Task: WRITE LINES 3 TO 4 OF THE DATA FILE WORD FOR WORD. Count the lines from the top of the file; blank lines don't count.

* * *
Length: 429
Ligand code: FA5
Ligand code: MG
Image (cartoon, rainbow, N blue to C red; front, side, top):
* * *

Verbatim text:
Ligand code: MG
Image (cartoon, rainbow, N blue to C red; front, side, top):